"The Ministry of Silly Walks" is a sketch from the Monty Python comedy troupe's television show Monty Python's Flying Circus, season 2, episode 1, which is entitled "Face the Press". The episode first aired at some point in 1970. A shortened version of the sketch was performed for Monty Python Live at the Hollywood Bowl. This sketch involves John Cleese as a bowler-hatted civil servant in a fictitious British government ministry responsible for developing silly walks through grants. Cleese, throughout the sketch, walks in a variety of silly ways. It is these various silly walks, more than the dialogue, that has earned the sketch its popularity. Cleese has cited the physical comedy of Max Wall, probably in character as Professor Wallofski, as important to its conception.
The Ministry of Silly Walks Wikipedia
The sketch as originally depicted in the series begins with John Cleese playing a nameless civil servant who, after purchasing The Times from the newsagent in the previous sketch, walks through the streets of London (at the crossing of Thorpebank Road and Dunraven Road) in a very peculiar manner. He eventually arrives at his place of business: The Ministry of Silly Walks, on the northern end of Whitehall. In the hallway, he passes other employees all exhibiting their own silly walks before arriving at his office (the Hollywood Bowl performance omits this preamble). Once there, he finds Mr Putey (Michael Palin) waiting for him and apologizes for the delay, explaining that his walk has become particularly silly of late and it takes longer for him to reach his destination.
Putey explains that he has a silly walk he wishes to develop with grant money. He demonstrates his walk which, to Cleese's character, is not particularly silly ("The right leg isn't silly at all, and the left leg merely does a forward aerial half-turn every alternate step."). He tells Putey that he does not believe the ministry can help him, as Putey's walk is not silly enough and funding is short. The government, he explains, is supposed to give equally to Defence, Social Security, Health, Housing, Education, and Silly Walks, but recently spent less on Silly Walks than on national defence. After a visit by his secretary Mrs. Twolumps, Cleese shows Mr Putey a film on silly walks. (The segment is a parody of early 20th-century cinema, with Michael Palin dressed up as Little Tich; this film is also shown as part of the Hollywood Bowl performance of the sketch.) After tossing the projector offstage, Cleese offers Putey a grant that will allow him to work on the Anglo-French Silly Walk, La Marche Futile (a parody of Concorde's Anglo-French development), which is then demonstrated by a man (Terry Jones) dressed in a mixture of stereotypical English and French outfits, with a sped-up version of "La Marseillaise" playing.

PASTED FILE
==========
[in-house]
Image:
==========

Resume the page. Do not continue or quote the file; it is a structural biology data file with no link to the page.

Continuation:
Mrs. Twolumps, presumably the minister's secretary, makes a brief appearance, bringing in coffee with full silly walk. As she enters, the cups fall all over the tray, completely spilling their contents. The minister looks at the tray, says "Thank you, lovely" and she exits again, taking the tray with her, complete with upended cups. In the Hollywood Bowl version, Carol Cleveland plays Mrs. Twolumps, and spills some of the coffee on Cleese during the sketch.
As the years went by amid repeated requests to do the sketch, Cleese found it increasingly difficult to perform these walks. He would say, when told about a new Python tour, "I'm not doing silly walks." Accordingly, the sketch was not performed during Monty Python Live (Mostly), the troupe's 2014 reunion show. It was replaced by "The Silly Walks Song", which was performed by a group of (younger) dancers who mimicked Cleese's original walks while wearing bowler hats and carrying briefcases.
In the book The Pythons, members of the troupe indicated that they considered the whole scene nothing more than pure silliness. Cleese in particular seems disheartened that so many fans consider it the troupe's "best" sketch.
In 2005, the sketch was chosen in a poll taken by Channel 4 in Britain as the 15th greatest comedy sketch of all time (and one of five Monty Python sketches in the top 50).